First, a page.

Monday, June 21, 2010

Army Ants

Years ago, I joined Lee Harper for a World Wildlife Fund trip into the Brazilian Amazon. Lee had studied army ants in rainforest near Manaus, setting out to learn how big a forest patch needed to be in order to retain its army ants and the obligate antbirds, which need to follow army ants in order to survive. Lee developed a novel method of transporting ants into variously-sized forest fragments.

Army ants don't build permanent nests. Instead their colonies roam unceasingly through the forest, preying upon insects and other small animals in their path. But they do go through two phases, a nomadic phase lasting about 2 weeks, when their food needs are greater, and a stationary phase lasting about three weeks, when the colony protects the queen and her eggs in a bivouac formed of living ants. During the nomadic phase, the bivouac's location changes nightly. During the stationary phase, they still do some raiding, but return afterwards to the same bivouac.

Army ant column in Guyana (Photo by Narca)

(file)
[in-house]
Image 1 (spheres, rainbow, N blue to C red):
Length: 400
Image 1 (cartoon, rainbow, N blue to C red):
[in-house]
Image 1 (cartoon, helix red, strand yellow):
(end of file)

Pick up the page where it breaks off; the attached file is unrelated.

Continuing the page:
When the ants bivouac, they form a living nest of the interlocking legs and mandibles of as many as a million ants, protecting the queen and her new brood at the center. This living nest is complete with chambers, bridges and corridors.

Lee would capture the queen and place her on crossed sticks inside a very large metal garbage can. Then he'd wait for the colony to bivouac around her. Once the ants had formed their living nest, he would place the lid on the garbage can and duct-tape it shut. Then he could place the entire colony on a backpack frame and carry it into a forest fragment. If the forest fragment was large enough (say, 100 hectares), the ants would stay. Otherwise they marched in a straight line out of the forest patch, setting out in a random direction across the denuded land in search of a forest big enough to support them.

Lee quickly learned to be sure that the lid of the garbage can was well-secured!

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